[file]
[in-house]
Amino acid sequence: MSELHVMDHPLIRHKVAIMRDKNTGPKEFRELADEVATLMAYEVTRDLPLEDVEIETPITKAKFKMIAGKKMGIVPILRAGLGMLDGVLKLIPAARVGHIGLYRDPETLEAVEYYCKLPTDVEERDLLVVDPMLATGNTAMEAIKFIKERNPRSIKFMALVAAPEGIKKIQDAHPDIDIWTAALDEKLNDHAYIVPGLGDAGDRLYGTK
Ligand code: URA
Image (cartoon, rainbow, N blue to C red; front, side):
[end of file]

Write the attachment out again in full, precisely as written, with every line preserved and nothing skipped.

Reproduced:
[in-house]
Amino acid sequence: MSELHVMDHPLIRHKVAIMRDKNTGPKEFRELADEVATLMAYEVTRDLPLEDVEIETPITKAKFKMIAGKKMGIVPILRAGLGMLDGVLKLIPAARVGHIGLYRDPETLEAVEYYCKLPTDVEERDLLVVDPMLATGNTAMEAIKFIKERNPRSIKFMALVAAPEGIKKIQDAHPDIDIWTAALDEKLNDHAYIVPGLGDAGDRLYGTK
Ligand code: URA
Image (cartoon, rainbow, N blue to C red; front, side):